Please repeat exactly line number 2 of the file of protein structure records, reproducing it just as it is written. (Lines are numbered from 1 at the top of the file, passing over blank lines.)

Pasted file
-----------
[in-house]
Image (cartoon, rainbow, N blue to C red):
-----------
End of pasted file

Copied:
Image (cartoon, rainbow, N blue to C red):